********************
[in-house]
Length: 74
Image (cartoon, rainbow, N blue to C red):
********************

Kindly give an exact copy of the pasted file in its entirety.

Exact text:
[in-house]
Length: 74
Image (cartoon, rainbow, N blue to C red):